skip to Main Content

Current Spring & Summer Hours:
Open Daily 9am-6pm

How to Water Your Landscape

  • Deep, infrequent watering is best for established plants and lawn. The goal is to saturate the top 6 inches of the soil.

  • Once per week during most of the year is an adequate watering frequency.

  • Think inches not minutes: 1 inch-1.5 inches per week is all most landscapes need.

  • Early morning, between 5am & 10am is the best time to water your landscape.

  • In the hottest parts of the summer you may need to water 2 times per week, but be sure to follow your local watering restrictions. See City of Dallas guidelines on the reverse.

  • Gator Bags are great for new trees!

  • 2”-3” of mulch on new and established plantings will help retain moisture in the soil.

  • Soaker hoses water slowly and deeply. Run for 6-8 hours, once a week on established plants. Add a timer for ease of use.

  • Plants in hanging baskets and other containers can dry out quicker. Use NHG Premium Organic Potting Soil, or add Coco Coir Fiber to other potting soils, topping off with mulch to help retain moisture.

IMPORTANT! Even if you have a sprinkler system, you need to provide supplemental hand-watering on all new plantings until plants are established.

How MUCH do I water?

Follow these simple steps to water your landscape more accurately.

  1. Set out 5-6 open-top cans randomly on the lawn (tuna cans work best because they have short sides).
  2. Turn the sprinkler head or system on for 30 minutes.
  3. Measure and record the depth of water caught in each individual can.
  4. Calculate the average depth of water from all of the cans in 30 minutes. (Add each amount together then divide by the number of cans.)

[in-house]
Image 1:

5. Use a garden spade to determine how deep the soil was wet during the 30‐minute watering. Measure the depth of the wet soil.
  6. When you know how much water was applied in a 30‐minute cycle and how deep that volume of water wet the soil, it is easy to determine how long the sprinkler head must run to adequately wet the soil to a depth of 6 inches.

Example: The system put out ½ inch of water in 30 minutes wetting the soil to a depth of 3 inches. Therefore, 1 inch of water will need to be applied to wet the soil to a depth of 6 inches giving a run time of 1 hour. 3” wet soil = ½”of water = 30 minutes; therefore 6” wet soil = 1″of water = 1 hour. If you find you’re getting runoff before you saturate to 6 inches, you can split the cycle up into two sessions with a break in between.

The City of Dallas considers landscape watering a non‐essential use, and on average accounts for about 30% of all total city water. Properly watering your lawn and garden will not only save you money on your water bill, it will also help conserve a precious resource. City ordinances vary. The City of Dallas outlines the mandatory guidelines below.

DALLAS MANDATORY WATERING GUIDELINES

It is a violation of the City Code to water a lawn or landscape in a manner that wastes water or causes runoff, including causing water to fall on sidewalks, driveways, or other areas not lawns or landscapes. You must maintain your irrigation system to prevent such waste by repairing broken, missing, or misdirected sprinkler heads. Watering is prohibited during any type of precipitation, and rain and freeze sensors are required on all automatic systems.

Irrigation of landscaped areas with hose‐end sprinklers or automatic irrigation systems is limited to no more than twice per week according to the MANDATORY schedule. No watering is allowed on Mondays, Tuesdays, or Fridays, and from April 1-October 31, watering is prohibited between 10 am and 6 pm on the allowed watering days. Violations of these outdoor watering guidelines can result in fines of $250 to $2,000 per incident.

Apartments, office building complexes, or other property containing multiple addresses must be identified by the lowest address number.

For more water conservation information, call 214‐670‐3155 or visit www.savedallaswater.com.

Back To Top